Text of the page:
The Weekly Reflektion 34/2023

Society may accept that a few people die every day as result of accidents and incidents that could actually have been avoided. Even though the sum of these fatalities may be high on a yearly basis there is no outrage factor that drives the change that is required. When all these people die in a single day or single event then there is a public outcry and calls for action. The authorities and the politicians snap into action and replace their ongoing apathy with new rules and regulations that contribute to a step change and a significant reduction in fatalities. Hindsight of course gives us the opportunity to criticize and berate, it does not necessarily give us foresight into other potential disasters.

Do you wait for a disaster to happen before you take appropriate action?

The Great Smog of 1952 was a severe air pollution event that affected London in December 1952. A period of unusually cold weather, combined with an anticyclone and windless conditions, collected airborne pollutants to form a thick layer of smog over the city. It lasted from Friday 5 December to Tuesday 9 December 1952, then dispersed quickly when the weather changed. It is estimated that 4000 people died as a direct result of the smog and more than 100 000 became ill due to respiratory problems. Later research into the Great Smog and its aftermath estimated the number of direct deaths may have exceeded 12000.

The main source of the pollution was the burning of coal and emissions from vehicles. Pollutants such as smoke particles, hydrochloric acid, sulphur dioxide and fluorine compounds mixed with the thick fog, produced a dangerous smog. It was estimated that over 800 tonnes of sulphuric acid were produced in the atmosphere over London every day.

At the time there was no significant panic in the city as people were used to the smog even though this one was particularly dense. We have previously written Reflektions on normalisation of deviance and our tendency to soldier on and ignore seemingly obvious dangers. Even when the smog found its way inside and led to cancellation of concerts and film screenings there was no significant reaction at the time.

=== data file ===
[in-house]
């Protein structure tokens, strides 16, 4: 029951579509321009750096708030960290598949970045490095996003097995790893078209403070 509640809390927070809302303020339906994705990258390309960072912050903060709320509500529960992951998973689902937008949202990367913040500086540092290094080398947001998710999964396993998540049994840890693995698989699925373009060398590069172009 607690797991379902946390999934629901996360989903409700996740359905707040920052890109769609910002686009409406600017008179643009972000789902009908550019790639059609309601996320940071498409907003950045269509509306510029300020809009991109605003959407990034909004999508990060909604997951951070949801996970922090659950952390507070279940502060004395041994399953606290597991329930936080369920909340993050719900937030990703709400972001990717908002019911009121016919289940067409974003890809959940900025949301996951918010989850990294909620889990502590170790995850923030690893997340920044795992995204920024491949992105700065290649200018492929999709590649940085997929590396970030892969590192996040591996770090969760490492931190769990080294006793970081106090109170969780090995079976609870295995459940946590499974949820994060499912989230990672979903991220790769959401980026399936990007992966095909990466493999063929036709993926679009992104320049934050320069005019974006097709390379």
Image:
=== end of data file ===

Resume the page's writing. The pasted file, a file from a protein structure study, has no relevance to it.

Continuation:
Only when the smog had lifted, and the death toll became known was there an outcry and a demand for action. The Clean Air Acts of 1956 and 1968 resulted in a significant reduction in air pollution. Financial incentives were offered to replace open coal fires with anthracite (clean coal) stoves and gas and electricity heaters. Major changes were made to industrial systems in particular power stations to reduce emissions of chlorine and sulphur dioxide. These eventually led to a reduction in the UK export of acid rain to the southern areas of Norway. Despite the improvements a further smog event took place in London in December 1962.

An important factor in the drive to put the Clean Air Acts in place was the report from the UK governments Committee on Air Pollution that showed a clear correlation between the pollution and the daily death rate in London. Even though public outcry is significant it may also be short lived. A proper scientific basis for the measures that are required is important to keep the authorities and the politicians focussed on seeing the job through.

Reflekt AS